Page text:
Hammack survived and four days after being released from the hospital, she began drinking again.
‘Scales fell from his eyes, and he regained his sight.’
In just over a month, Hammack will graduate from the New Life Fellowship program at Simonka Place. Sitting in a Keizer coffee shop, she recites her favorite Bible verse.
“At once something like scales fell from his eyes, and he regained his sight,” reads a passage from Acts 9:18. The verse is about the sudden clarity that Apostle Paul has with Jesus.
Hammack’s “scales” began to fall a week after leaving the hospital. She had relapsed and was drinking all day, every day. She received a voicemail from DeDe Hazzard, a supervisor at Simonka Place, asking for her to return to the shelter.
“When I heard that they wanted me back, I started to cry,” Hammack said. “And that was when I made the association of the vision of Jesus in the hospital and that phone call. He speaks through other people.”
On Oct. 1, 2020, after a weeklong detox, Hammack entered into the New Life Fellowship program. Over the next 16 months, she would slowly work her way through the program’s three phases. She credits both the program and her strengthened faith for her recovery.
“When I surrendered to God, I had to build on that trust. Sometimes it was easy, but most of the time it was hard to just really trust in God and trust that he will manage it all,” Hammack said. “And once I could do that, then things just eased up slowly over time and we began working through these false beliefs that we have.”
In Simonka program, Hammack said she would work weekly with a counselor to identify the “false beliefs” she had about herself. False beliefs, according to Hammack, are the things we tell ourselves to justify our actions.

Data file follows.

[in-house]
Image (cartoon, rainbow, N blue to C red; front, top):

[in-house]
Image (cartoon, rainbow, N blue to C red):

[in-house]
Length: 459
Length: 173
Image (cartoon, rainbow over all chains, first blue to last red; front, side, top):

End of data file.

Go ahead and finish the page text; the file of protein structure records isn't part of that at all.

“You identify, what are your top five false beliefs about yourself? The ‘whys’ that you tell yourself. You go through and break each of those down and then you meet with our counselor,” Hammack said. “It’s kind of like when you go to boot camp. They tear you down and then build you back up.”
Recovery is open ended, as Hammack knows better than most, and she says that she works daily to strengthen her connection with God and improve on her recovery. She is currently in phase three of the New Life Fellowship program and has begun looking at jobs for when she leaves.
Hammack said she’s hoping to go work for a non-profit — or to come back and work at Simonka Place, which many program alumni have done. Either way, Hammack said she wants to give back and help others who may be struggling like she was.
“I would like to eventually mentor a woman or two from Simonka because that mentorship relationship is very key to success for a woman,” Hammack said. “My hope for any woman leaving here is that they have the external support and you can always rely on Simonka.”
On March 10, Hammack will officially graduate from the program. The ceremony will include two women from Simonka Place, one being Hammack, and three men from the Union Gospel Mission’s men’s shelter. The graduation ceremony will take place at the men’s mission in Salem. While her recovery at Simonka is coming to a close, Hammack’s journey will continue.
“My past is behind me. That’s all been forgiven and that’s behind me,” Hammack said. “I think that everybody deserves to feel like they have a second chance, a third chance, a fourth chance. I believe that our God doesn’t give up on anybody and there is no such thing as a number of chances.”
News tip? Contact reporter Joey Cappelletti at [email protected] or 616-610-3093.